I was able to spend some time this week learning about the greatest modern day promoter of Tonglen Meditation outside the Dalai Lama. Her name is Pema Chodron. There are quite a few videos available (including a visit on Oprah) where you can listen to her speak on many of the thought processes invoked through Tonglen practice, but I wanted to share an excerpt from her book When Things Fall Apart: Heart Advice for Difficult Times because it gets into the meat of how Tonglen can be used at any moment of the day. It also expresses the four stages of Tonglen, which guided me in my practice this week.
Each of us has a "soft spot": the place in our experience where we feel vulnerable and tender. This soft spot is inherent in appreciation and love, and it is equally inherent in pain.
Often, when we feel that soft spot, it's quickly followed by a feeling of fear and an involuntary, habitual tendency to close down. This is the tendency of all living things: to avoid pain and cling to pleasure. In practice, however, covering up the soft spot means shutting down against our life experience. Then we tend to narrow down into a solid feeling of self against other.
One very powerful and effective way to work with tendency to push away pain and hold onto pleasure is the practice of Tonglen. In Tonglen practice, when we see or feel suffering, we breathe in with the notion of completely feeling it, accepting it, and owning it. Then we breathe out, radiating compassion, lovingkindness, freshness; anything that encourages relaxation and openness.
In this practice, it's not uncommon to find yourself blocked, because you come face to face with your own fear, resistance, or whatever your personal "stuckness" happens to be at that moment. At that point, you can change the focus and do Tonglen for yourself, and for millions of others just like you who are feeling exactly the same misery.
I particularly like to encourage Tonglen, on the spot. For example, you're walking down the street and you see the pain of another human being. On-the-spot Tonglen means that you just don't rush by; you actually breathe in with the wish that this person can be free of suffering, and send them out some kind of good heart or well-being. If seeing that other person's pain brings up fear or anger or confusion, which often happens, just start doing Tonglen for yourself and all the other people who are stuck in the very same way.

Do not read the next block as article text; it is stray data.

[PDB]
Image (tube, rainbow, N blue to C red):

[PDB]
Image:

When you do Tonglen on the spot, you simply breathe in and breathe out, taking in pain and sending out spaciousness and relief. When you Tonglen as a formal practice, it has four stages:
1) First, rest your mind briefly in a state of openness or stillness.
2) Second, work with texture. Breathe in a feeling of hot, dark, and heavy, and breathe out a feeling of cool, bright, and light. Breathe in and radiate completely, through all the pores of your body, until it feels synchronized with your in-and out-breathe.
3) Third, work with any painful personal situation that is real to you. Traditionally, you begin by doing Tonglen for someone you care about. However, if your stuck, do the practice for your pain and simultaneously for all those just like you who feel that kind of suffering.
4) Finally, make the taking in and the sending out larger. Whether your doing Tonglen for someone you love or for someone you see on television, do it for all the others in the same boat. You could even do Tonglen for people you consider your enemies--those who have hurt you or others. Do Tonglen for them, thinking of them as having the same confusion and "stuckness" as your find or yourself.